The New York Court of Appeals said in a decision Tuesday that a section of the state’s Civil Rights Law allowed the New York City Police Department to withhold certain records on police misconduct from public disclosure.
The decision could set the stage for state lawmakers to repeal that statute during the upcoming legislative session, which would then allow those documents to be obtained through a request under the Freedom of Information Law, known commonly as FOIL.
The lawsuit was brought by the New York Civil Liberties Union against the New York City Police Department, which chose to formally stop making certain personnel records public through a policy change in 2016, though the litigation was over a different set of documents. The NYPD said in a statement reacting to the decision that it changed the policy to conform to state law.
“The NYPD initiated the policy change because it corrected a past deficiency,” the NYPD said. “The change should remain in place.”
The past deficiency, according to reports, was that section 50-a of the state Civil Rights Law prohibited the NYPD from releasing those documents, which can often include information that could be used to identify the officers involved. The Court of Appeals held Tuesday that the NYPD correctly withheld other documents, involving disciplinary decisions, under the same statute.
The lawsuit was born from a FOIL request of personnel records sent to the NYPD in 2011 from NYCLU. The organization was seeking final opinions from the NYPD’s internal adjudication process that reviews allegations of misconduct by its officers.
The request was initially denied by the NYPD, which cited Public Officers Law § 87 (2) (a) in its rejection. That law provides that an agency may withhold records from disclosure if they are exempt under another state or federal statute. The NYPD then pointed to section 50-a in its denial.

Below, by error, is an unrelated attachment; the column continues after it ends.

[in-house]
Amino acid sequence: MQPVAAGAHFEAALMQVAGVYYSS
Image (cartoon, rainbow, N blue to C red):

After an administrative appeal from NYCLU, the NYPD ended up producing some—but not all—of the documents that were requested, and applied redactions to them. The NYPD, again, cited section 50-a in its decision to withhold and censor certain records.
NYCLU then sued the NYPD, which the group alleged was illegally withholding the documents they requested. Manhattan Supreme Court Justice Shlomo Hagler decided that the NYPD had to release the records with redactions. That decision was unanimously reversed by the Appellate Division, First Department.
The Court of Appeals affirmed the appellate court’s decision Tuesday, saying section 50-a correctly allowed the NYPD to withhold the personnel records from NYCLU.
Section 50-a reads that “[a]ll personnel records used to evaluate performance toward continued employment or promotion … shall be considered confidential and not subject to inspection or review.” There are two exceptions to that rule—either the police officer has to consent to their records being released, or a court has to issue an order making them public.
NYCLU argued before the Court of Appeals that the law’s protection is limited to the context of actual or potential litigation. Associate Judge Michael Garcia wrote in the court’s opinion that the statute applies more broadly than that interpretation.